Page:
Hawaii & Alaska
The storm surge from Typhoon Merbok brought high water 17 miles inland to Chevak from the Bering Sea coast, where boats parked on the Ninglikfak River were tossed around like bathtub toys. These boats aren’t just for recreation; they offer residents a way to access subsistence food resources, including fish and moose.

AK - Lost in translation: FEMA sent ‘unintelligible’ disaster relief application information to Alaska Natives impacted by Typhoon Merbok

After Typhoon Merbok slammed into Alaska’s west coast in September 2022, the Federal Emergency Management Agency (FEMA) hired a California-based company to translate information into two Alaska Native languages about how to apply for disaster recovery assistance.

Typhoon Merbok damaged homes and destroyed subsistence fishing and hunting tools and camps all over the Y-K Delta and on the Seward Peninsula.

The translated documents were supposed to offer information on how to apply for financial assistance. On the Y-K Delta, at least half the population, about 10,000 people, learn Yugtun, or the Central Yup’ik dialect, before they learn English. Another 3,000 people speak Iñupiaq further north.

Julia Jimmie, a translator at KYUK, said that the Yugtun translations were incorrect. Other Indigenous language speakers also didn’t understand the translated documents. Two sources on Nelson Island agreed: they were not Central Yup’ik. Another source from Chevak said that it wasn’t Cup’ik. Siberian Yup’ik speakers also couldn’t make sense of the documents.

Tara Sweeney, the former Assistant Secretary of Indian Affairs under the Trump Administration, also said that the Iñupiaq translations were wrong; her great-grandfather helped develop the Iñupiaq alphabet.

“We don’t use characters like the letter ‘e’, or the way some of the words seem to be put together or structured,” Sweeney said.

Imagine if someone, you know, took all of your folktales and then interviewed your great-grandmother about her experiences growing up. And had all of this information recorded, and wrote it down, and then scrambled it and stuck it in various different ways and made kind of a collage out of it. It's offensive.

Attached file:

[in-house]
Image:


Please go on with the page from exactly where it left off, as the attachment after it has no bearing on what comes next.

Gary Holton, linguist

To refer to the documents as translations would be wrong, said linguist Gary Holton.

“That is an amazing understatement,” Holton said after reviewing some of the documents. “The only thing you might gather from that is there are a couple of dates, but you wouldn't know what those dates are for. I would say the only useful bit of information in there might be if there's a reference to a website or something.”

Holton spent 20 years documenting Alaska Native languages at the University of Alaska Fairbanks’ Alaska Native Language Center. He said that whoever created the Yup’ik translations just lifted full phrases from a compilation of language and folklore from Far East Russia known as the Rubtsova texts. It was published in the Soviet Union in the 1940s.

According to Holton, in at least one of the documents where FEMA’s news release says “State News Desk,” the translated version reads, "when she said so, the dog ran farther off from the curtain.” In another section of the same document, what should be a translation of information about the Small Business Administration reads, "that one said that I should draw a line on the ice when he gets close."

“I mean imagine if someone, you know, took all of your folktales and then interviewed your great-grandmother about her experiences growing up. And had all of this information recorded, and wrote it down, and then scrambled it and stuck it in various different ways and made kind of a collage out of it,” Holton said. “It's offensive.”

Sweeney agreed. She said that the work is not only a waste of federal funding, it’s insulting to Alaska’s Indigenous people.

“There’s a lot of that historical trauma of being beaten in schools because they were speaking their Indigenous languages, which is why there’s a generation of us in Alaska that struggle with fluency,” Sweeney said.

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